Linked by Thom Holwerda on Fri 15th Jun 2012 08:04 UTC
Graphics, User Interfaces It's just a tiny example, but it illustrates a far bigger problem. Adam Becker: "So what's the problem? It's that this innocuous little guy is now being used for all sorts of disparate purposes, and every time it's used for another action, it loses more and more of its meaning." This is what happens when consistency is thrown out the door, and developers get little to no guidance from operating systems' parent companies. Mobile applications and the web are a UX free-for-all, and as a result, established iconography and concepts are used out of context and in wildly varying ways. Just because you can code a mobile application doesn't mean you know anything about user interface design - this lack of guidance is where both Apple and Google have failed miserably.
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It wasn't always like this
by Morgan on Fri 15th Jun 2012 08:37 UTC
Morgan
Member since:
2005-06-29

This topic brings to mind BeOS and its overall UI consistency. There were a few areas that still needed polish; it was still very much a work in progress when the company folded. But it was perhaps the most consistent and intuitive interface I've used over the years.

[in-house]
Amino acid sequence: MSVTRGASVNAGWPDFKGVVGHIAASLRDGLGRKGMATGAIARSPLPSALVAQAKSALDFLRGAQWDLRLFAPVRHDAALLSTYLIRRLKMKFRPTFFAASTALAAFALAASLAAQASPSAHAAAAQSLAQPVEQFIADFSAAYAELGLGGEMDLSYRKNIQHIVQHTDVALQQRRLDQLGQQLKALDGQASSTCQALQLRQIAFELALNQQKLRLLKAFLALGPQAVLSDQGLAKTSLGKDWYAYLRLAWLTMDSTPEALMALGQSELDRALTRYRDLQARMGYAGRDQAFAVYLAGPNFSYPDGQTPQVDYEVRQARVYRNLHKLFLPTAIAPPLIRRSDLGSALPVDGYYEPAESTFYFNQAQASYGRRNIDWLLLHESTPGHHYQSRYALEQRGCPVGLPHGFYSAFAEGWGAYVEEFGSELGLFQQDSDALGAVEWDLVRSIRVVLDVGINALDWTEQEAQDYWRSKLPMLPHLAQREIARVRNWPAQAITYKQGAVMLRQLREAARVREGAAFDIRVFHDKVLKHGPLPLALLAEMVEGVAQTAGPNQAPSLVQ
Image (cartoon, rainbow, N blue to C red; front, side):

Reply Score: 6

RE: It wasn't always like this
by zima on Tue 19th Jun 2012 13:30 in reply to "It wasn't always like this"
zima Member since:
2005-07-06

To be fair, that's largely because it didn't do that much - and the apps really fitting into its UI concepts (like one IM client basically using folder view of "files" for contacts) were rather simple. Applets, almost.

But yeah, there is something about it being just... charming.
(it certainly brightened one indy film, where protagonist's computer was running BeOS instead of the more typical "Movie OS" or Win/Mac; too bad I can't recall the title)

Reply Parent Score: 2